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Wester 2012 Olweus Staff Training Presentation

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Cassie Headrick

on 30 September 2012

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Transcript of Wester 2012 Olweus Staff Training Presentation

2012 Staff Training
Wester Middle School
Olweus Bullying Prevention Intro.
Prezi developed by C. Miller photo (cc) Malte Sörensen @ flickr Provide an overview of the issue of bullying
Provide an overview of the Olweus Bullying Prevention Program
Identify the resources available to help you implement the program This Presentation Will . . . “Bullying is when someone repeatedly
and on purpose says or does mean or hurtful things to another person who has a hard time defending himself or herself.”
OBPP Teacher Guide, p. xii What Is Bullying? Involves an aggressive behavior
Typically involves a pattern of behavior repeated over time
Involves an imbalance of power or strength Three Key Components of Bullying Behavior Pop Quiz Hitting, kicking, shoving, spitting
Taunting, name-calling, using degrading comments
Threatening or obscene gestures Direct Bullying Indirect Bullying Getting another person to bully someone
Spreading rumors
Causing another person to be socially isolated
Cyber bullying Damaging character of peers

Using threats to manipulate friendships RELATIONAL BULLYING For students and their futures
For a healthy school climate
For the larger community
For the purposes of risk management for schools
It’s a wise investment Why is it important to address bullying in schools? Lower self-esteem
Depression and anxiety
Absenteeism and lowered school achievement
Thoughts of suicide
Illness Effects of Being Bullied Children who bully are more likely to:
get into frequent fights
be injured in a fight
steal or vandalize property
drink alcohol and smoke cigarettes
be truant or drop out of school
report poor academic achievement
perceive a negative climate at school
carry a weapon Concerns about Children Who Bully Bullied Not Bullied
Headache 16% 6%
Sleep Problems 42% 23%
Anxiety 28% 10%
Feeling Tense 20% 9%
Abdominal Pain 17% 9%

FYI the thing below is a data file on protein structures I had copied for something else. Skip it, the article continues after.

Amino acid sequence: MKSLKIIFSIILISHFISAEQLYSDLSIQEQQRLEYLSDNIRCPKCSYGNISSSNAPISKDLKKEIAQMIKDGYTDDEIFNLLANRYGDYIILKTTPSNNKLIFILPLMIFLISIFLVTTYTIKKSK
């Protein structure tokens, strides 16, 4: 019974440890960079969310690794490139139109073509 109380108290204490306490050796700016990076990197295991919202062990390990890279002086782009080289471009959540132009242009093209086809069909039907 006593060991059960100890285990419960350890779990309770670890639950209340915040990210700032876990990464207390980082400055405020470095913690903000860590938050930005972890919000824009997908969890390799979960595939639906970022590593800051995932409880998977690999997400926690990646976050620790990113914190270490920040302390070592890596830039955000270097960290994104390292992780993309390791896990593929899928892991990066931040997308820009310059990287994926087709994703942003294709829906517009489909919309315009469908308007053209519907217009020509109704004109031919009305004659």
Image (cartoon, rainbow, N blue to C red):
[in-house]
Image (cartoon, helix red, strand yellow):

Feeling Unhappy 23% 5%
Depression Scale
moderate 49% 16%
strong 16% 2% So...What is your experience
with Bullying?
Why? Icebreaker Time... 1. Studies suggest that fewer than 10% of children are involved in bully/victim problems in elementary or middle schools.

2. Children are more likely to be bullied in middle school than in elementary school.

3. Most bullying is physical in nature.

4. Girls bully just as much as boys; they just do it differently.

5. Boys are more likely than girls to be involved in cyber-bullying.

6. The vast majority of children who are bullied tell a teacher or other member of the school staff.

7. Bullying is just as likely on the way to and from school as during school hours.

8. Most students who observe bullying don't think they should get involved. Children Who Bully Bullying may be part of a conduct-disordered behavior pattern.

This pattern may continue into young adulthood.

Olweus study: “Bullies” were 4 times as likely to have 3 or more criminal convictions by age 24. Effects of Bullying on Bystanders Bystanders may feel:
Powerless to change the situation
Guilty for not acting
A diminished empathy for victims over time Bullying creates a climate of fear and disrespect.
Bullying interferes with student learning.
Students may feel insecure and not like school as well.
Students may perceive a lack of control or caring. http://www.polleverywhere.com/my/polls#!/my/polls Adults usually have a very accurate sense of the bullying that goes on in their school. Adults’ Responsiveness to Bullying Adults overestimate their effectiveness in identifying bullying and intervening.
70% of teachers believed that adults intervene almost all the time; only 25% of students agreed
90% of teachers on playgrounds say they intervene ALL the time; videotapes showed intervention 5% of the time Simple, short-term solutionsSimple, short-term solutions
“Program du jour” approaches
Group treatment for children who bully
Anger management or self-esteem enhancement for children who bully
Zero-tolerance policies for bullying
Mediation/conflict resolution to resolve bullying issues